I have seen much in the last 30 years. Three decades which have seen motorcycle magazine sales rise (though not as high as you may think, given our population) and then decline. Three decades which have produced some great writers and editors, and a worrying number of fools and wannabes, who have, through nothing other than attrition or self-declaration, seen themselves elevated to editorships they had not earned, were not qualified to perform, and who subsequently placed motorcycle magazines into the downward-spiralling gyre in which they now find themselves.
I know how this happened, because I watched it happen. I know why this happened because I was there when it took place. I pre-date the lot of them in the motorcycle magazine game; even the late and much-lamented Ken Wootton, which caused him no end of amusement.
Certainly, the Internet has more than its fair share of shit when it comes to motorcycle content. But it’s free, so the quasi-sensationalist and very badly written dross churned out by sites such as Hinchliffe’s motorbikewriter.com can be forgiven and ignored, while ever it sits in cyberspace alongside Trevor Hedge’s comprehensive, authoritative, pictorially strong though staidly-written MCNews site.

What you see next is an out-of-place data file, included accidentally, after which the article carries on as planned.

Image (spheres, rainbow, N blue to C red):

And there are any number of overseas sites with great writers producing outstanding content, and all for free.
In the other corner, there are the Australian-based motorcycle magazines (some with attendant websites). Their readerships are dwindling, their content (with a few ever more rare exceptions) is boring, badly-written and irrelevant to the majority of riders, and advertisers are deserting them irrevocably.
And they cost money. And you have to go and get them from somewhere.